Son of a Gun, 2014.
Directed by Julius Avery.
Starring Ewan McGregor, Brenton Thwaites, Alicia Vikander, Jacek Koman, Matt Nable, Tom Budge and Nash Edgerton.
JR busts out of prison with Brendan Lynch, Australia’s most notorious criminal, and joins Lynch’s gang for a gold heist that soon pits the two men against one another.
The output from Australian cinema has reached its most productive and successful level for a few years. New filmmakers, actors and production companies are thriving in amongst the big hitters of Hollywood, and some hugely gifted talent has been imported into the minds of the UK public. David Michod, James Wan, Joel Edgerton and Mia Wasikowska are just a few examples of the talented individuals who have Hollywood salivating. Next in line is debutant writer/director Julius Avery, who brings his first film, Son of a Gun, to the UK.
It’s a Scot, however, who headlines Avery’s Australian-set crime thriller, in the form of Obi-Wan Kenobi Ewan McGregor, who takes on a much darker role here, which if nothing else reminds us of what a damn fine talent he is. He stars as Brendan, a life-long criminal set for twenty years in a federal prison, but who was plotting his escape as soon as he walked in. He soon meets newest inmate JR (Brenton Thwaites) and takes him under his wing in a bid to utilise his naivety to escape, and soon enough the two of them are back in the Australian underworld, working for a local kingpin to snatch gold from a local refinery. That is, before JR gets wise to his act, and the two soon come to blows that will undoubtedly lead only one way.
And that, sadly, is the problem with Son of a Gun: you know almost immediately where the story is headed, and it’s nowhere that any other thriller has headed before. Avery certainly keeps things at a brisk place and handles the action set-pieces with some neat flashes – in particular the excellent car-chase shoot-out sequence around the hour mark – that show plenty of promise, but the story surrounding then has nowhere enough thrills to keep your interest as it thunders towards it’s inevitable conclusion.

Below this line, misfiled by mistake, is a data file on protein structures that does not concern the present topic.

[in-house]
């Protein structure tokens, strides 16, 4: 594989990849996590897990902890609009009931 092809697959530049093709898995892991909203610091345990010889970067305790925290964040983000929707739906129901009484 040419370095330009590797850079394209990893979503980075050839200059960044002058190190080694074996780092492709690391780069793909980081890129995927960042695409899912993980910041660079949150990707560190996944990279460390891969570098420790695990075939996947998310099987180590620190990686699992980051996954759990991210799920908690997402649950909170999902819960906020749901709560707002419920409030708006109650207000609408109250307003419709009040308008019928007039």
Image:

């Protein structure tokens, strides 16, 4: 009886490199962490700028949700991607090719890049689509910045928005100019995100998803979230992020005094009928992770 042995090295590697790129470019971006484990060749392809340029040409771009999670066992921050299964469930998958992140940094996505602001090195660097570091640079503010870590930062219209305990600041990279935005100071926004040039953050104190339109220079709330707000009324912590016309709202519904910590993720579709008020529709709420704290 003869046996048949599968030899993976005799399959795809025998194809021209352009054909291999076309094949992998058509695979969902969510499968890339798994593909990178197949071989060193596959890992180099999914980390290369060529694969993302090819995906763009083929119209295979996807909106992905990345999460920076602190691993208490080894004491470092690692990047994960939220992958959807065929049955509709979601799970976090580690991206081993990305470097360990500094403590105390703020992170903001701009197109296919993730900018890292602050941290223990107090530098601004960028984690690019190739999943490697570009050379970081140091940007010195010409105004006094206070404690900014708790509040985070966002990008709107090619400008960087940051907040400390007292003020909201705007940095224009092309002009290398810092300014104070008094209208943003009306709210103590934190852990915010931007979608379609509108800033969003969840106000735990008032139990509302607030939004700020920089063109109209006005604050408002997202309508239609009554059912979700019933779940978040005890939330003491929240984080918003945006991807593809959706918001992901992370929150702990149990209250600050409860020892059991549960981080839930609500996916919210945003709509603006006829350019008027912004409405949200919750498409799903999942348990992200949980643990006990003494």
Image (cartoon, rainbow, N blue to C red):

The script tries hard to keep it’s early chess metaphor prominent throughout, as McGregor’s king tries to stay ahead of Thwaites’ remaining pawn from thinking it’s a bishop or a king, but rather than playing out as the slow, tactile battle of wits is overlooked in favour of a more thunderous, plodding game that has about as much strategic thoughts than a game of Blockbusters, but nowhere near as fun.
That said, the film is wonderful to look at, with cinematographer Nigel Buck (Lord of the Rings) beautifully capturing the harsh terrains and heat of the outback. You can almost feel the sweaty, grimy heat of the outback beneath your toes and fingers and on your own brow as we move from barren desert lands, dusty refineries and palatial king-pin palaces.
Performances too are a mixed bag, but it’s McGregor who shines and keeps the film at least mildly entertaining, and is his best performance in a while. A far more foul-mothered, Angry, and volatile character than he has played in recent years. With his thick red beard, he revels in the short-fused anger the character allows him, rather than having to worry about lightsabers or belting-out love ballads.
Thwaites continues to impress as McGregor’s new protege, and with this and the impressive, soon-to-be-released sci-fi tale The Signal, has certainly earned his place as one of the most exciting and capable young actors working today. Sadly, it’s Vikander, superb in Alex Garland’s Ex_Machina, who gets the short shrift here. As Tasha, the stripper/waitress with a heart of gold role who catches Thwaites’ affections, Vikander is given nothing close to the complexity of Machina, and is sadly never used as anything but token eye-candy.
For all its technical ability, sumptuous visuals and rewarding performances, it’s a shame that Son of a Gun is predictable, ponderous thriller. There is nothing new to be discovered here, with the film following many conventions that wouldn’t be out of place in any Antoine Fuqua effort. McGregor saves the day with a ferocious performance, but doesn’t save the film from the realms of distinctly average.
Flickering Myth Rating – Film ★ ★/ Movie ★ ★